Housing a big issue in General Election 2016

Housing a big issue in General Election 2016

Now that the General Election has been called there are sure to be plenty of issues debated between now and polling day in three weeks’ time.

As ever, there are many pressing matters in the country with housing being amongst them.

Already the likes of Labour have offered to assist first-time buyers buy a home but staying away from auction politics there are serious issues that need to be addressed.

Homelessness is certainly one of them with far too many men, women and children remaining on our streets.

The housing lists in local authority areas are also far too big, with waits of up to a decade for accommodation. The fact these lists grew by 2% in the last two months shows the problem is worsening rather than getting better.

Then, of course, there is also the rental problem. While steps were taken last year to calm the rise of rents, it is still a major issue and the size of rents at present – particularly in urban areas – means that those renting cannot afford to save for the type of deposit needed to meet the Central Bank’s mortgage lending rules.

With the monthly cost of rent now quite often much more than the monthly cost of servicing a mortgage, surely it is time that people’s rental payments be factored in when they are applying for a mortgage?

This issue was raised by Fianna Fáil’s Michael McGrath last month with Central Bank Governor Philip Lane insisting he would look at it.

He told TDs: “A track record of paying rent has to be relevant when paying a mortgage.”

These and other issues will be important regardless of what way the next Government is made up. They are problems that aren’t going to go away in a hurry but one which our current and future political representatives need to be aware of.

Have your say on the General Election in the comments below…

  • What are the key housing issues for you?
  • Is there a fast track solution to homelessness?
  • Should rental payments be counted when applying for a mortgage?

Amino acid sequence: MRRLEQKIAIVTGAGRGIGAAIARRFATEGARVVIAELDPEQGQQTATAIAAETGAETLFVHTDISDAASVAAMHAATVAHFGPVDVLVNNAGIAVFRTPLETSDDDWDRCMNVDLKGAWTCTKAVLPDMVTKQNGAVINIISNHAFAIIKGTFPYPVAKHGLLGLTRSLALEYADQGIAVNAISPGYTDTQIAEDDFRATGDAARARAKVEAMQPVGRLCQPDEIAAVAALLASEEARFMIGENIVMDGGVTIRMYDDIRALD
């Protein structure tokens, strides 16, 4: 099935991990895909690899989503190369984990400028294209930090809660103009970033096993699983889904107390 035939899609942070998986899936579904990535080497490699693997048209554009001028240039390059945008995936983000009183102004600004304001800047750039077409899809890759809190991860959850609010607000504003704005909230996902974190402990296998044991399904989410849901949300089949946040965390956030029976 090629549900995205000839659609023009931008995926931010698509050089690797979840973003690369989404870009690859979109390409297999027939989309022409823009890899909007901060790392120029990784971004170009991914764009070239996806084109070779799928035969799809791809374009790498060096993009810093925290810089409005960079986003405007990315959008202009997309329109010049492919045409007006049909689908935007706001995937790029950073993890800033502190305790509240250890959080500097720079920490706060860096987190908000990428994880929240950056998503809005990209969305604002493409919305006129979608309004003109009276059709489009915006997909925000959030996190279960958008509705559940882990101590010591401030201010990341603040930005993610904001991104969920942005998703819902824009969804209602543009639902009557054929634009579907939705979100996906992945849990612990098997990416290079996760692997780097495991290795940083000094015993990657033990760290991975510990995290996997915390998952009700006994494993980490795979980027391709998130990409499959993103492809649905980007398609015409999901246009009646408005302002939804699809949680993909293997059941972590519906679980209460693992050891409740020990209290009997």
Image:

There are 7 comments for this article
  1. Pingback: Housing a big issue in General Election 2016 - Charlene Patton AuctioneersCharlene Patton Auctioneers
  2. Peadar MacMillan. at 6:05 pm

    A new – for life – high standard 3 bed house – semi dethatched in Dublin could be built and sold on at a decent profit for around 160k – How ???
    1. Compulsory purchase orders for land for development { As Irish water are doing currently}.
    2. Waive all fees from new connections charged by Bord Gais – ESB – County Councils.
    3. Ensure the builders are not connected to any political party – so our young starter families are not ripped off – as has happened previously.
    4. Invite builders from abroad in – if they can build for less but to the same standard.
    5. Bring back decent grant for first time buyers and tax free allowances for children.
    6. Put non political director over Irish banks and ensure new buyers are given a fair deal on a mortgage – banks need to make profits sure – but not extortion.
    I am in contact with many builders and have been in the business previously – we know how much labour and materials cost – you could work it out in about two hours on a piece of paper. Simple maths.
    Peadar MacMillan.

    • Rita at 7:02 pm

      Well said Peadar every point you raise makes sense but I fear that “vested interests” will ensure this does not happen

    • Peter Grant at 8:46 pm

      You want a state subsidy to cover land and utilities for people who live in Dublin..? is that fair to people down the country ? or are you saying that the state should provide all lands and services at subsidized rates for all in the country.

  3. Peter Grant at 3:40 pm

    The problem cannot begin to be resolved until house prices move above replacement values by 10% or more. This is the key to new supply.
    Until this changes there is no facility for anyone to renovate or build new stock.

    The solution should be on all fronts now that we recognize the mess that has been created by this government.

    1. Increase rent allowance and remove taxation from landlords who own one or two houses so that they become sustainable. Rent allowance should be graded to reward renters who are gold star clients.

    2. Increase loan ratio’s to one to four short term until prices reach reach replacement values, create function in market.

    3. Credit rentals in assessment of deposit ability.

    4. Under no circumstances should third party Corporate investors be introduced to a dominant position in the Irish housing market. this would prevent future Irish families from owning their own property and enslave Irish people long term.

    5. All new social housing should be designed to a standard that would make people proud to live in them and be energy efficient.

    6. If we are not willing to take the steps listed we should prepare to drop our expectations of living one house per family.

    • Jac at 8:53 am

      Very thoughtful. I just wonder how the brain of the polictians work, they won’t listen.

      • Peter Grant at 10:31 am

        Its not just politicians you need to consider, after all they think they are on a photo shoot, You should listen to the ones writing their script, Its the head of the housing authority that we need to focus on…and if he has his way we will see another transfer of wealth out of this country.. in the guise of solving a housing problem.

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